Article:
Examination of Witnesses (Questions 51
WEDNESDAY 12 JANUARY 2000
51. Good afternoon, gentlemen, you are most
warmly welcome. May I ask you to identify yourselves for the record?
(Mr Taplin) My name is Michael Taplin, Chairman of
the Association since 1987. I am also the editor of part of a
magazine which the Association has published since 1938. In my
professional life I am a transport co-ordinator with a local authority.
On my right is Mr Robert Tarr, Secretary General of the Association.
Before joining the Association he was Director General of West
Midlands Passenger Transport Executive, largely responsible for
Midland Metro. On my left is Geoffrey Claydon, vice-president
of the Association. Before retirement he was a legal adviser to
the Department of Transport.
52. That all sounds very impressive. Do you
have any general remarks you would like to make?
(Mr Taplin) No, we are happy to take your questions.
53. You will have looked at the DETR memorandum
and what it says in the White Paper about priority being given
to funding packages of modest transport measures. Which is the
best value, one or two light rail schemes or to do lots of modest
schemes all over the country?
(Mr Taplin) There is a danger in looking at things
in the short-term. The previous remarks about buying lots of mini-buses
is an example of that. Light rail has a pay back over a period
of 15, 20, 25 years and it achieves what it sets out to achieve,
which is to attract motorists from cars. Buses do that to some
54. To be devil's advocate for a minute, there
is not a lot of evidence of that, is there?
(Mr Taplin) There is evidence certainly from Manchester
Metrolink and in very, very many systems in Europe and others
parts of the world.
55. What percentage are we talking about? Are
we talking about more than 30 per cent or are we talking about
more than 50 per cent?
(Mr Taplin) In Strasbourg we are talking about 40
per cent with the new light rail line.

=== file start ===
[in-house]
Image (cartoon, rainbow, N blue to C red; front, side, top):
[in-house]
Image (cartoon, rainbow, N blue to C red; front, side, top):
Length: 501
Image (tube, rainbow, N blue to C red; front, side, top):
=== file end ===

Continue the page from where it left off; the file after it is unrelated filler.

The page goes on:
56. The apparent success of light rail compared
with the buses in attracting people out of cars is really that
there are differences in performance or differences in image?
(Mr Taplin) I think there are both. The light rail
has an image that will attract those motorists who gave up buses
to buy cars to go back to public transport. The bus may not have
that image yet, although it is moving in that direction. In performance
terms light rail is a very efficient mover of large numbers of
people quickly over large distances.
57. If you have a successful LRT system it is
the key to the degree of segregation and the priority over other
traffic. In other words, they will come provided they can see
they will get where they want to go faster.
(Mr Taplin) That is one of the key factors. If the
motorist can see that public transport is offering time benefits
he will be encouraged to switch. The more segregation you can
get on any public transport system the more time benefits you
will get. Light rail systems are ideally designed to take advantage
of all sorts of segregation modes that are available, whether
they be on the surface, underground or indeed elevated.
58. We are talking about the light rail scheme
in the context of the environment as well and if one is talking
about the advantages of buses over trolley buses, one is run by
electricity and the other is run by diesel. Would a big selling
point from the point of view of electricity not be that that would
be a cleaner, more environmentally acceptable route to go down
than diesel buses?
(Mr Taplin) Electric vehicles do not produce pollution
at the point of service delivery. Buses are becoming cleaner as
cleaner fuels are used and alternative fuels are used. The trolley
bus is essentially an environmentally friendly bus. It has little
else to distinguish it from the bus apart from that aspect.
59. Are there any examples of light rail schemes
being proposed without the existing or potential volume of traffic
to justify them?
(Mr Taplin) As an act of faith?